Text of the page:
Altered ecosystem carbon and nitrogen cycles by plant invasion: a meta-analysis

Authors

  • Chengzhang Liao,

    1. Coastal Ecosystems Research Station of Yangtze River Estuary, Ministry of Education Key Laboratory for Biodiversity Science and Ecological Engineering, The Institute of Biodiversity Science, Fudan University, Shanghai 200433, China;
    2. Department of Botany and Microbiology, University of Oklahoma, Norman, OK 73019, USA
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  • Ronghao Peng,

    1. Coastal Ecosystems Research Station of Yangtze River Estuary, Ministry of Education Key Laboratory for Biodiversity Science and Ecological Engineering, The Institute of Biodiversity Science, Fudan University, Shanghai 200433, China;
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  • Yiqi Luo,

    1. Coastal Ecosystems Research Station of Yangtze River Estuary, Ministry of Education Key Laboratory for Biodiversity Science and Ecological Engineering, The Institute of Biodiversity Science, Fudan University, Shanghai 200433, China;
    2. Department of Botany and Microbiology, University of Oklahoma, Norman, OK 73019, USA
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  • Xuhui Zhou,

    1. Department of Botany and Microbiology, University of Oklahoma, Norman, OK 73019, USA
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  • Xiaowen Wu,

    1. Department of Botany and Microbiology, University of Oklahoma, Norman, OK 73019, USA
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  • Changming Fang,

    1. Coastal Ecosystems Research Station of Yangtze River Estuary, Ministry of Education Key Laboratory for Biodiversity Science and Ecological Engineering, The Institute of Biodiversity Science, Fudan University, Shanghai 200433, China;
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  • Jiakuan Chen,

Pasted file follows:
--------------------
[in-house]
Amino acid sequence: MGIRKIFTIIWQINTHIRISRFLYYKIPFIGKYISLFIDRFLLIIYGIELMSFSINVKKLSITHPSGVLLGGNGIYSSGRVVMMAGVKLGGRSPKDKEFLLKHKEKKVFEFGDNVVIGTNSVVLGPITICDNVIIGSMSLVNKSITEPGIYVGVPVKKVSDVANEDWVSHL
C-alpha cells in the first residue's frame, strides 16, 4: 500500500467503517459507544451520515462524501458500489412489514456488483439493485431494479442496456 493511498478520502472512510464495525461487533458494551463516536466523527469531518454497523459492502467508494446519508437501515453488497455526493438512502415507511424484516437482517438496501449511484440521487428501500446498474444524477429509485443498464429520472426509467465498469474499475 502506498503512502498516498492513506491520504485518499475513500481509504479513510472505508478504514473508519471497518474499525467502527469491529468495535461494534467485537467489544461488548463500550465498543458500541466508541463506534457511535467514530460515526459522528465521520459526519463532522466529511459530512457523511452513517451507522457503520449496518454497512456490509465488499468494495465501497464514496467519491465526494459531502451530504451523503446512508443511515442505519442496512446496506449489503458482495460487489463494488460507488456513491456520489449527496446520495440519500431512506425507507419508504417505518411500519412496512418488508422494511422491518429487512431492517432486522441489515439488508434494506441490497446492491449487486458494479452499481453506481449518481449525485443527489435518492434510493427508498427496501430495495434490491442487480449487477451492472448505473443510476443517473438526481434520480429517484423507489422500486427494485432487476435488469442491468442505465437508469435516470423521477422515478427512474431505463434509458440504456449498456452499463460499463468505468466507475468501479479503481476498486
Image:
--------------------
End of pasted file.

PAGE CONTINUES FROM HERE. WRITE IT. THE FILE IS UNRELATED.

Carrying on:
1. Coastal Ecosystems Research Station of Yangtze River Estuary, Ministry of Education Key Laboratory for Biodiversity Science and Ecological Engineering, The Institute of Biodiversity Science, Fudan University, Shanghai 200433, China;
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  • Bo Li

    1. Coastal Ecosystems Research Station of Yangtze River Estuary, Ministry of Education Key Laboratory for Biodiversity Science and Ecological Engineering, The Institute of Biodiversity Science, Fudan University, Shanghai 200433, China;
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Author for correspondence:
Bo Li
Tel: +86 21 65642178
Fax: +86 21 55664990
Email: bool@fudan.edu.cn

Summary

  • • Plant invasion potentially alters ecosystem carbon (C) and nitrogen (N) cycles. However, the overall direction and magnitude of such alterations are poorly quantified.
  • • Here, 94 experimental studies were synthesized, using a meta-analysis approach, to quantify the changes of 20 variables associated with C and N cycles, including their pools, fluxes, and other related parameters in response to plant invasion.
  • • Pool variables showed significant changes in invaded ecosystems relative to native ecosystems, ranging from a 5% increase in root carbon stock to a 133% increase in shoot C stock. Flux variables, such as above-ground net primary production and litter decomposition, increased by 50–120% in invaded ecosystems, compared with native ones. Plant N concentration, soil inline image and inline image concentrations were 40, 30 and 17% higher in invaded than in native ecosystems, respectively. Increases in plant production and soil N availability indicate that there was positive feedback between plant invasion and C and N cycles in invaded ecosystems.
  • • Invasions by woody and N-fixing plants tended to have greater impacts on C and N cycles than those by herbaceous and nonN-fixing plants, respectively. The responses to plant invasion are not different among forests, grasslands, and wetlands. All of these changes suggest that plant invasion profoundly influences ecosystem processes.

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